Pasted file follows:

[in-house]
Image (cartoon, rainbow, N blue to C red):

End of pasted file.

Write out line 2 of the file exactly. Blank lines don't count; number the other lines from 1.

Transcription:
Image (cartoon, rainbow, N blue to C red):